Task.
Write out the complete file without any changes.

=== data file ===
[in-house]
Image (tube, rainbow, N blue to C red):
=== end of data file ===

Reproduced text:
[in-house]
Image (tube, rainbow, N blue to C red):